• Eggs are always a wise choice. They are an inexpensive, high-quality source of protein and fat.
  • Brown rice, oats and dried beans provide a good cheap versatile set of complex carbohydrates. Buying them in larger quantities will also save you money.
  • Peanut butter is an excellent and tasty fat source. Look closely when reviewing your options, as the inexpensive commercial varieties typically contain a lot of trans fats and processed sugar. For an even cheaper option, you can buy raw peanuts in bulk and make your own.
  • Nothing beats fresh vegetables, although we are all guilty of wastage when it comes to fresh fruit and veg if you don’t eat them before they go off. Maybe the more economical option is buying frozen veggies, or only consider buying fresh fruit and veg on a seasonal basis. See Australia’s SeasonalFoodGuide for more info.
  • Do away with sugary beverages and drinks made up of concentrate. Water comes from the tap and the best part is that it’s free. If water is just too plain for you, maybe spruce it up with some fresh lemon or limes.
  • It’s always a good idea to keep a lookout for alternative food sources, such as wholesale or farmers markets.
  • Double the quantity of the ingredients when you cook. Many recipes taste even better when they’ve been maturing for a few days, and having a meal ready to go saves us spending more time in the kitchen and avoids the temptation to snack on processed foods.

2. Make time to exercise

It’s very easy to stop exercising when on a budget. Should being a member of the gym not be a priority because of the expense, there are plenty of alternatives to the gym, even in the winter months when we find ourselves outside less often. There are plenty of strength and resistance workouts you can do in your living room or bedroom by using your own bodyweight. As a rule of thumb, you should aim to move your body at least 30 minutes every day. You can always go for a run or if you have a bike, go for a ride somewhere. Even going for a casual stroll is better than sitting on the sofa all weekend watching TV.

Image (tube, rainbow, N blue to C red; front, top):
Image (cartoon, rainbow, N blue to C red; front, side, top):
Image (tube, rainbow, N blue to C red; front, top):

3. Get more sleep

Getting enough sleep is essential for good overall health and well being. So many of us don’t get the recommended 7 – 8 hours to feel sufficiently recharged. If our bodies don’t get enough sleep, then they can’t replenish and repair enough cells to counteract illnesses and common viruses like cold and flu. Sleep deprivation is also linked to obesity, diabetes, depression and heart diseases. Here are a couple of tips to improve your quality of sleep:

  • Find a consistent sleeping pattern, even over the weekend. You shouldn’t just sleep in because you have a day off; remember your body is a machine and need routine.
  • Turn off all screens at the very least 30 minutes before bedtime. Scientific studies show that laptops, tablets, smartphones and TV’s interrupt our sleep patterns.

Regardless if you are on a budget or not, good health should be your number one priority when it comes to you. It’s arguably more-so than your education or retirement. Investing in your health is the single most important investment you’ll make.